Parkinson's disease (PD) is characterized by progressive loss of midbrain dopaminergic neurons and treated with the dopamine precursor, 3,4-dihydroxy-l-phenylalanine (L-DOPA). Prolonged L-DOPA treatment is however associated with waning efficacy and the induction of L-DOPA induced dyskinesia (LID). GPR88 is an orphan G-protein Coupled Receptor (GPCR) expressed in dopaminoceptive striatal medium spiny neurons (MSNs) and their afferent corticostriatal glutamatergic neurons. Here, we studied the role of GPR88 in experimental parkinsonism and LID. Chronic L-DOPA administration to male GPR88 KO mice, subjected to unilateral 6-hydroxydopamine (6-OHDA) lesions of the medial forebrain bundle, resulted in more rotations than in their WT counterparts. Conversely, GPR88 KO mice had a lower abnormal involuntary movements (AIMs) score. These behavioral responses were accompanied by altered transcription of L-DOPA upregulated genes in lesioned GPR88 KO compared to WT striata. In accordance with a role for serotonin neurons in LID development, WT but not GPR88 KO striata exhibited 5-hydroxytryptamine displacement upon repeated L-DOPA treatment. Intact male GPR88 KO mice showed diminished tacrine-induced PD-like tremor and spontaneous hyperlocomotion. Dopamine and its metabolites were not increased in male GPR88 KO mice, but biosensor recordings revealed increased spontaneous/basal and evoked glutamate release in striata of male GPR88 KO mice. In conclusion, genetic deletion of GPR88 promotes l-DOPA-induced rotation and spontaneous locomotion yet suppresses the induction of LIDs and also reduces tremor. These data provide behavioral, neurochemical and molecular support that GPR88 antagonism may favour motor relief in PD patients without aggravating the induction of motor side effects.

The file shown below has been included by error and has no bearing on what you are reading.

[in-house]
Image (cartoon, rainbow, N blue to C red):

Keywords: 6hydroxydopamine; Dyskinesia; GPR88; Glutamate release; Parkinsonism; Rotations; l-DOPA.
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